A Dale Carnegie Survey says that 45% of the workforce is not engaged and 26% are actively disengaged. On the other hand, 43% of highly engaged employees receive feedback at least once a week, and 71% of disengaged and discontented individuals are sharing on social media like LinkedIn and Glassdoor! If we study the numbers, we can easily see the deep, underlying messages therein.
These statistics around employee engagement is shocking and disturbing!
It is evident that employees are craving for simplification, connection, flexibility and – above all – an environment of connectedness and respect. And the impact of digitization is going far beyond a few collaboration tools and platforms. Some of these shifts are depicted in the diagram below, and their possible impact on how HR operates can be easily fathomed:
Today’s organizations are no longer defined by fixed workplaces, nine-to-five working hours or by a set of homogenous employees. Organizations are becoming boundary-less and often, location agnostic. Operational and business models are being turned on their heads with the advent of enterprises like Uber, Airbnb, Etsy and Amazon. These complexities will continue to exponentially increase as we enter a hyper-digital era with Artificial Intelligence (AI), Robotics, 3D printing, Wearables, and much more looming over the horizon. Going ahead, organizations of the future will function as platforms connecting diverse, distributed, and multi-talented individuals who will come together to create value.
It is understood that the workforce today has expanded to include contractual and contingent workers, partners, vendors and suppliers, as well as customers and competitors – the extended enterprise. This “extended enterprise” is as critical to the success of any organization as the permanent employees. However, seamlessly integrating this ecosystem of stakeholders such that they can come together in a purposeful manner to create value for the organization and fulfill their individual potentials is posing to be a challenge. In the Industrial Era, work got done in silos with process adherence and efficiency playing a huge role. This style of working will no longer suffice as we enter an era characterized by flux and ambiguity – the VUCA (Volatile, Uncertain, Complex, and Ambiguous) world.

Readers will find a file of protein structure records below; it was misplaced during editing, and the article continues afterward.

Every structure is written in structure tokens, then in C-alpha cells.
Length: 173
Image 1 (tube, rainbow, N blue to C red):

Currently, many organizations are caught up in trying to deploy different systems of engagement like social intranets, blogs, enterprise collaboration platforms, and so on. However, these are very often disconnected from the core HR systems where organizational information and data reside. This leads to incongruence and an inability to connect the loops in the value chain. This is also where most of the digital and collaboration initiatives flounder. This is where HR can play a crucial role in bridging the two systems – not only through technology but also by re-imagining the processes, the organizational design, and other initiatives like community management, empowering employees with digital skills for them to navigate this new world with ease, and enabling and creating a culture of collaboration and sharing.
HR Reimagination can happen at multiple levels to empower employees and the organization and form the bedrock of a new organizational culture. Some of these initiatives are briefly described below:
- Extended Enterprise - Employees are no longer a homogenous set of people. Contractors, consultants, partners, vendors, customers and competitors are coming together to get the work done. Therefore, organizations that support communities consisting of this extended enterprise stand to benefit in multiple ways like improved agility, diversity of thought and greater innovation capabilities and increased level of trust among different stakeholders.
- Enterprise Social Networks (ESNs) - Organizations are becoming increasingly distributed, diverse, and digital. Employees today expect to be able to work from anywhere, anytime, and from any device. ESNs, once thought of as a “good-to-have” have transformed into “must-haves” to keep this distributed workforce connected, to enable seamless sharing of explicit and tacit knowledge, and to facilitate conversations across geographies, business units, and domains -- a critical component of the future of work. HR must don the mantle of collaboration enablers and community managers to build connected enterprises.
- Communities of Practices - Organizations today work across domains and areas of expertise. It is no longer possible for an individual or a small team of people to find solutions to complex problems, exceptions and challenges that businesses are facing today. Practitioners come together in these communities to share the latest and the best, to find innovative solutions and contribute to the growth of the domain. Individuals join communities voluntarily when they see value and can evolve both professionally and personally.
By putting communities and collaboration front and center, HR can highlight the importance of leveraging the advantages of network and emergent technology (social, mobile, analytics, etc.). This new way of working will include enterprise platforms and other collaboration enablers that, if appropriately used, reduce the cost of communication to almost zero. They can also facilitate self-driven learning, a culture of transparency and ongoing feedback, contextual and dialogue-driven problem solving. Most importantly, these tools can cut across organizational silos and tap into the organizational hive mind to build a learning agile and future-ready workplace.
This shift requires a careful and intentionally-designed workplace where collaboration and social learning is not a bolt-on aspect but a part of core business strategy. A culture of participation must be supported where “participation” does not imply bureaucratic compliance and cooperation, but thoughtful conversation and open sharing.